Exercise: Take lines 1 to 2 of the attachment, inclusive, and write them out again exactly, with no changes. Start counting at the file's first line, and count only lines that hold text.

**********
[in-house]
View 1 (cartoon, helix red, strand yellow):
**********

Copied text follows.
[in-house]
View 1 (cartoon, helix red, strand yellow):